Google’s John Mueller responded to a question during a webmaster hangout and revealed that links from sponsoring charities could lead to penalisation.
Sponsoring charities in return for relevant and authoritative ‘follow’ links has long been a tactic employed by SEOs, but it’s a strategy that could lead to penalties from Google if the practice is abused.
Speaking in a recent Google Webmaster Hangout, John Mueller from Google suggested that – while some sponsor links from charities are fine – there is the risk of receiving a ranking penalty from the search engine if there is a pattern of systematically abusing charity links for SEO gain.
Mueller was asked a quite specific question by a webmaster concerned about a link from a local hockey club:
We sponsor a local hockey club and they put up an image link in their site thanking us. But it’s do-follow and we don’t know what to do to change it. Is this going to cause us any problems?
Mueller’s full response was:
In general, when the web spam team takes a look at these kinds of questions, they try to look at the bigger picture. And if with your website you’re sponsoring like lots of different clubs and sites where it looks like the primary intent is to get a link there, then that’s something the web spam team might take action on.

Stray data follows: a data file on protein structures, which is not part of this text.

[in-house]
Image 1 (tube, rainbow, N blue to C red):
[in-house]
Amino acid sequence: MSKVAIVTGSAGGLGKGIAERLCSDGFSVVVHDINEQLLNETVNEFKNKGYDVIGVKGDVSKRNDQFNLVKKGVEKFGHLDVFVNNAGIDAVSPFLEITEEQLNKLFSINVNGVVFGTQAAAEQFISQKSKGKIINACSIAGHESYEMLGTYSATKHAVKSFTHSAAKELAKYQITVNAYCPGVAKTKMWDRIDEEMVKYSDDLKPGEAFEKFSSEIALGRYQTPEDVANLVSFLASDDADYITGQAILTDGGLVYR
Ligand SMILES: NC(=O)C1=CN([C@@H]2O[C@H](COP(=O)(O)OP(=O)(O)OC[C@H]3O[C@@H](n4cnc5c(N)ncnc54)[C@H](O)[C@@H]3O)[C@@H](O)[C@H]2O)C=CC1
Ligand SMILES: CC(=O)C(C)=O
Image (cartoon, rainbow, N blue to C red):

On the other hand if this is one of lots of links to your site and this is one from a local hockey club and it’s like you just know them and they can’t easily fix that or change that on their site or they don’t know how, then the web spam team is not going to worry about that.
So I’d try to take a look at the bigger picture there and think about whether or not this is really something that you’re doing systematically; like going out and sponsoring other sites or products with the intent of getting a link or if this is something that’s essentially just a natural part of the web.
So my guess, based on the question here is that this is not something you need to worry about.
So although the specific scenario raised by the questioner is not going to cause a penalty, Mueller suggests that filling your link profile with sponsor links purely to seek a ranking advantage is something to be avoided.
How some charity links could be seen as spam
Paying, or ‘donating’, to a charity just to get a link is an old form of paid link building which, strictly speaking, is against Google’s guidelines: https://support.google.com/webmasters/answer/66356?hl=en, which exclude:
Buying or selling links that pass PageRank. This includes exchanging money for links, or posts that contain links; exchanging goods or services for links; or sending someone a “free” product in exchange for them writing about it and including a link
So it’s easy to see why you could get in trouble if you are paying for links from charities on, as Mueller says, a ‘systematic’ basis. However, it is ‘normal’ business practice to get involved with local charities – be it a simple donation or working with them on fundraising events etc. – which could easily lead to receiving a link from the charity website. What John Mueller is saying is that the odd link from a charity website is normal for businesses that are active in their local area or within their industry, but if your link profile shows a disproportionate amount of ‘sponsor’ links then it might be flagged for manipulation.
Watch John Mueller’s full answer below: